Americans Are No Longer the Tallest In the World
The Netherlands now boasts the tallest residents.
According to The Wall Street Journal, as society’s income increases, so does it’s height. But the United States, the country with the highest disposable income per capita of any country, is no longer the world’s tallest nation. For more than 200 years, Americans stood tall over everyone else. But now, the Netherlands can boast it has the world’s most towering residents.
WSJ reports that based on black and white U.S.-born adults, the average American woman stands at 5 feet 5 inches tall, while the average man is 5 feet 10 inches tall. Meanwhile, the average Dutch woman is 5 feet 7 inches tall and the average Dutch man is 6 feet 2 inches tall.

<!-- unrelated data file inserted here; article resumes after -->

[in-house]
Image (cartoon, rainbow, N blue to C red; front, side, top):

However, the U.S. average household net-adjusted disposable income per capita is $44,049 a year, according to the Organization for Economic Cooperation and Development, and reported by WSJ. In the Netherlands, that average is only $28,783.
But some doctors warn not to look too far into the income disparities.
“Average income is a very misleading indicator,” said John Komlos, an economic historian who studies the effect of income and the economy on stature, to WSJ. “It depends on who gets that income, and how it is used. If you’re healthier, if you go to the doctor regularly, you’re likely to live longer. And you’re also likely to become taller.”
Komlos instead thinks the Dutch are taller because of differences in nutrition, health care and spending. Tracking height is mostly about tracking quality of life because healthy children have three growth spurts. One happens before the child’s first birthday, the second comes around school age and the third hits at the onset of puberty.
15 Things to Know Today, from RealClearLife
Everything to Know, via RealClearLife